365 Main Offers Apology, Final Report

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365 Main has apologized to customers affected by last Tuesday’s power outage at its San Francisco facility, and issued a final incident report. “As I reflect on the last week, I’d like to begin with an extension of our sincere apologies to our San Francisco customers who were impacted by the power incident on July 24th 2007,” President and CEO Chris Dolan said. “Because we strive each day to deliver our customers the world’s finest data centers, we are taking this event very seriously.”

365 Main’s final report confirmed preliminary findings that the outage was caused by flaws in a component known as a Detroit Diesel Electronic Controller (DDEC), a system which monitors a diesel engine’s status, and can activate alarms or shut down a generator. Erroneous data from the DDEC caused 365 Main’s diesel engines to malfunction, failing to start properly after a grid outage.

“In the days since the incident occurred, we identified and corrected the root source of the problem and are taking steps to prevent this type of problem from happening again,” said Dolan. “We are also making our comprehensive findings available to other data centers to try to prevent the same problem from recurring elsewhere.”


365 Main’s VP of marketing, Miles Kelly, said the company is focused on communicating with its customers. “This is definitely a humbling experience and a painful experience,” said Kelly. “We’re following a very predictable emotional cycle after a traumatic event. Right now our customers are looking for assurance that the issues are fully addressed, and that something like this won’t affect them again in the future people. This is about stabilizing the credibility we’ve established with our customers.”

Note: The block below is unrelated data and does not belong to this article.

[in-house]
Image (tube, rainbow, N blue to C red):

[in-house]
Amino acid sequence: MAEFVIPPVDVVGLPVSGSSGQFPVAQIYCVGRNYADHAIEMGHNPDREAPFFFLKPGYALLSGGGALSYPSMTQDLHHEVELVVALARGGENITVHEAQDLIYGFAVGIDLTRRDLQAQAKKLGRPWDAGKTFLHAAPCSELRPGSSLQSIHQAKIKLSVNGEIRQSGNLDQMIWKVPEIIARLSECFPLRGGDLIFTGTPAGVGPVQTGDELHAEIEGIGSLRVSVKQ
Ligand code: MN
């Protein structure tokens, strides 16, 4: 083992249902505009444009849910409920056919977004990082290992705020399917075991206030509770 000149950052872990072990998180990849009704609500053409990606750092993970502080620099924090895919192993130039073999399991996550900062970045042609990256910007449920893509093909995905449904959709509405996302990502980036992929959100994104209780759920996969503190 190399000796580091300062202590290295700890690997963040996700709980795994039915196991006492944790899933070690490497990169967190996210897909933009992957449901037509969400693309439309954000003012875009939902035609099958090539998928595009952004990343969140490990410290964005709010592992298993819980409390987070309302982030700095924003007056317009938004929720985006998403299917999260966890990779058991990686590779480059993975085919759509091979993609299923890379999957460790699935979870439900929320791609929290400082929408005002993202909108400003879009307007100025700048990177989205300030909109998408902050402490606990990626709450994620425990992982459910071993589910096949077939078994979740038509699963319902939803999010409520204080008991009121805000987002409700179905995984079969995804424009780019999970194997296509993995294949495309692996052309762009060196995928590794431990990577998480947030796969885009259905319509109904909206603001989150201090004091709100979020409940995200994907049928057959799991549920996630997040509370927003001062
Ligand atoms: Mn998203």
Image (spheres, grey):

While there are reports that some customers may consider relocating their equipment – or at least establishing backup sites – Kelly said the company has benefited from its long-term performance. Kelly said that that over the last five years, 365 Main has maintained uptime of 99.9967% across its entire fiv-facility data center footprint.

After sharp criticism in the initial hours folliowing the outage, 365 Main has posted regular updates of its investigation on its public web site. The amount of information released was unusual compared with most previous industry outages. Kelly believes this has helped address customer concerns.

“We are an open book, frankly,” said Kelly. “We hope we’ve now set the communications standard for dealing with power outages.”

About the Author

Rich Miller is the founder and editor at large of Data Center Knowledge, and has been reporting on the data center sector since 2000. He has tracked the growing impact of high-density computing on the power and cooling of data centers, and the resulting push for improved energy efficiency in these facilities.